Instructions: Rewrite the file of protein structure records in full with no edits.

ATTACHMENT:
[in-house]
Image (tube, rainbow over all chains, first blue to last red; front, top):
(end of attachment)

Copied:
[in-house]
Image (tube, rainbow over all chains, first blue to last red; front, top):